It didn't take David Brooks long on Sunday night to figure out how to win over a Steamboat audience -- he poked fun at Vail and Aspen.
"I brought my family to Colorado to find the real America," the New York Times columnist deadpanned. "I began the trip in Vail and we're ending up in Aspen."
That crack was greeted by loud laughter, but Brooks (take a deep breath, he writes for the Times and he's a self-described conservative) had serious matters on his mind.
Brooks told an overflow crowd at Centennial Hall in downtown Steamboat that Americans are not as divided as are their politicians, and the nation will be in good hands with the emergence of a generation of well-grounded young adults.
Brooks opened the 2005 Seminars at Steamboat series. In addition to his regular column for the Times, he is an author and a commentator on PBS's "News Hour with Jim Lehrer." Belle Sawhill introduced him as a keen observer of the values, lifestyles and foibles of Americans.
Perhaps it's a sign of how widespread intellectual malnutrition is in Steamboat, that people showed up an hour early to get prime seats to hear a newspaper guy speak. But those early birds turned out to be the wise ones -- they heard a speech that entertained and affirmed that Americans, as increasingly diverse as they are, share a work ethic that will pull them through the challenges of the first half of this century.
Centennial Hall was so packed Sunday night that "hizzoner" the mayor of Denver had to perch on a step. I'm not certain of this, but I think Mayor John Hickenlooper's foot may have fallen asleep during Brooks' talk, because he got up early in the speech and moved off somewhere.
I felt almost guilty passing on Steamboat's Ranch Rodeo to go indoors Sunday evening and take in a lecture. After all, if we can't attend a rodeo, aren't we supposed to spend the build-up to Independence Day watching stock cars bang into one another?
I guess packing into the City Council chambers and picking up some wisdom from a member of the "Eastern elite" was a good alternative.
Besides, Brooks packs a wicked sense of humor. He and his family had spent the preceding week doing the "City Slicker" tour at Latigo Ranch outside Kremmling.
He went on during his talk to skewer a wide range of American subcultures, including uber moms who stage the video production of the delivery of their own children, and dads who pretend to have intellectual discussions at Home Depot about their choice for a new barbecue grill.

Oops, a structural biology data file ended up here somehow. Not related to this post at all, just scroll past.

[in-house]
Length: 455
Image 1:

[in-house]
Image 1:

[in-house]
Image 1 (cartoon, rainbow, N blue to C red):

Despite their many peculiarities, individual Americans are reshaping the country's future to a greater degree than are politicians, Brooks told his audience.
"Spontaneous social trends that millions of people take on, on their own -- that's what really drives our society," Brook said.
And one of the biggest trends in American society, Brooks thinks, is one he calls "The Great Dispersal."
Americans are moving out of urban centers to suburban cities in great numbers. Soon, Mesa, Ariz., will be more populous than Atlanta, Ga., he predicted.
"We're becoming segmented," Brooks said. "People cluster naturally, and we're really good at finding people like ourselves."
Despite the segmentation of our society, Brooks finds ample reason for optimism. The supposed culture war in America isn't real, Brooks said. If you ask in-depth questions of people in both blue and red states where they stand on the toughest issues, from abortion to gay marriage, one finds there is a huge immovable middle where people are able to find common ground, he said.
The same is true of the "policy wonks" toiling in Washington, D.C., think tanks, Brooks said. Professionals who have worked for Republican and Democratic administrations are almost always able to reach a compromise, he said.
Americans work harder than their European and Japanese counterparts, Brooks said, and he can't accept that people bound together by that work ethic will fail to work their way out of the looming debt posed by entitlement programs such as Medicare and Social Security.
"The work ethic in red and blue America is incredibly strong," he said.
Brooks takes great encouragement from the wholesomeness and industriousness of Americans younger than 30. Crime rates, promiscuity, drug use and unwanted pregnancy rates are all declining, he said.
"When all of the indicators are going in the right direction, you can't have a culture war," he concluded.